• Will PASS try to take a stronger role in running the local events, and if so, to what extent?  Specifically, is the local user group leadership in charge, or will the events be run by PASS?
  • Will there be a long checklist of boundaries and constraints on the details of the implementation? 
  • Can we still give first-time speakers the opportunity to speak, or will there be a qualification process that excludes those who have never given a technical presentation before? 
  • How are finances (sponsorship monies and event expenditures) handled?
  • Can local groups still raise sponsorship funds locally, or are we locked into those sponsors provided and approved by PASS?
  • How will the SQL Saturday mission be integrated into the current PASS initiatives, and will it be changed to accommodate same (or vice versa)?
  • Will the name be changed?  (A lesser concern, but a name change could adversely affect the already strong name recognition)

I know that all of these questions don’t have definite answers yet – after all, the ink is barely dry on the paperwork – so I’m willing to be patient for answers until the dust settles :)

Looking Forward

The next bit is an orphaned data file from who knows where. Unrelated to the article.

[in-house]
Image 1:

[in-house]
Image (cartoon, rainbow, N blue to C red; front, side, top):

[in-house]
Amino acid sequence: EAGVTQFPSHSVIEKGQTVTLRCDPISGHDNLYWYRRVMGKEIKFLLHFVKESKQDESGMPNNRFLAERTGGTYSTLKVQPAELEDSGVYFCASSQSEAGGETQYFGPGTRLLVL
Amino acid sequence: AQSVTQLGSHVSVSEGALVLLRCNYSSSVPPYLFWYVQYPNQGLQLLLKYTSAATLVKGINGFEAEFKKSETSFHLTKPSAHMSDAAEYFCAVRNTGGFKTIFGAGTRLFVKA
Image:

I hope I don’t sound pessimistic, because I’m not; to the contrary, I’m excited about what this could do for SQL Saturday.  If I can offer any advice to the decision makers, it would be this:  Don’t try to change the event too much.  Yes, brand it as a PASS event, and offer whatever resources (personnel, cash/merchandise, promotion and marketing) that can be spared for the event.  But we can all (hopefully) agree that SQL Saturday has been highly successful, especially when you consider the brief time it has been in existence.  I also know that Andy, Brian, and Steve have put in a lot of work on these events, and they wouldn’t give it away without some assurance that the brand is in good hands.

As things shake out, I’ll be sure to share any answers I get along with my analysis of same.

A New Season (A Networking Success Story)

I’d like to share a networking success story.  Last year, I blogged about my experience at the PASS Summit of 2005, where I was essentially a wallflower and didn’t really do any networking.  Since then, I’ve realized its importance and have embraced professional networking as a key component in a successful career. 

Ever since then I have carried through on the lesson I learned, spending as much time as possible getting to know my colleagues, and lending them a hand whenever possible.  At the PASS Summit this past November, I got the chance to redeem myself from the lack of initiative from my trip four years earlier, and took the opportunity to get to know as many people as I could.  During lunch on the third day of the Summit, I met a fellow Dallas-area business intelligence professional who works for a small consulting firm in my area.  He mentioned that his company was looking to hire one or two more senior BI people, and I hinted that I was considering making a move.